Asus Updating Zenbook Line With UX31A and UX21A Ultrabooks

Subject: Mobile | March 12, 2012 - 06:10 PM |
Tagged: widi, ultrabook, ssd, Ivy Bridge, asus zenbook, asus

The Asus UX31 and UX21 have been two popular examples of ultrabooks.  Interestingly, they have been available for purchase for less than 6 months and we are already hearing that the company is planning a refresh with upgraded hardware! The two new ultrabooks will be dubbed the UX21A and UX31A and will replace the UX21 and UX31 respectfully while maintaining the same weight and dimensions.

asus-ux21-laptop.jpg

The original UX21 ultrabook

Among the new internal hardware updates, Asus will be moving to Ivy Bridge processors, up to 4 GB of low voltage DDR3 1600 memory, and an alleged 512 GB SATA 3 (6Gbps) SSD (solid state drive) option. The Ivy Bridge processors in question will be pulled from Intel's low voltage mobile CPU range and will sport a 17 watt TDP (thermal design power). The Core i3 3217U, Core i5 3317U, and Core i7 3517U will all be configurable options and carry the following specs.

Model Cores Hyper Threading Cache (L3) Clockspeed Turbo Boost (1core / 2cores)
Core i3-3217U 2 Yes 3 MB 1.8 GHz None
Core i5-3317U 2 Yes 3 MB 1.7 GHz 2.6 GHz / 2.4 GHz
Core i7-3517U 2 Yes 4 MB 1.9 GHz 3.0 GHz / 2.8 GHz

 

The new Zenbook ultrabooks will include two USB 3.0 ports, a micro HDMI port, and an SDXC card reader. Wireless connections will further include 802.11 b/g/n, Bluetooth 4.0, and Intel's WIDI wireless display streaming technology. The new UX31A will have the option of a 1920 x 1080 resolution IPS display with a brightness rating at 350 nits or a non IPS (possibly TN) LCD with 300 nits brightness that maxes out at a 1600 x 900 resolution. The smaller UX21A also has the option for a 1920 x 1080 resolution IPS display; however, the non IPS LCD option's resolution will max out at 1366 x 768, coincidentally just enough to do the 1/3, 2/3 side by side Metro application split in Windows 8.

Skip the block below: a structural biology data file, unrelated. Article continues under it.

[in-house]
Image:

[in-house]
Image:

Lastly, they estimate the battery life of the 13" UX31A and 11" UX21A ultrabooks to be around "six to seven hours" and five hours respectively. Once Ivy Bridge processors have launched and other notebook vendors start shipping their Ivy Bridge powered machines, Asus will reportedly start selling the updated Zenbooks for prices starting at $1,050 and $1,100 for the UX21A and UX31A respectively.

A nice hardware update without jacking up the price too much and likely making the older models cheaper? Sign me up! Are you looking forward to more ultrabooks this year?

Source: The Verge

Be careful which ASUS Zenbook SSD you pick up

Subject: Mobile | March 12, 2012 - 01:00 PM |
Tagged: ultrabook, ssd, asus zenbook, asus

The SSD Review stumbled upon a dirty little secret about the ASUS Zenbook SSD; specifically the SSD part of the name.  It seems that when you buy one, you might be picking up a model with an AData XM11 SSD or it might be a Sandisk U100 but unfortunately they are the same price and a similar model number making them very difficult to tell apart ... until you use it.  The SandForce drive AData drive is significantly faster than the Sandisk drive which uses its own proprietary controller.  The difference is not crippling but it is certainly noticeable when benchmarking and using the system.  The final result was that size does matter, the 11.6" UX21 has SandForce while the 13.3" UX31 does not, though both are still very nice Ultrabooks.

SSDR_Sandisk-SSD.jpg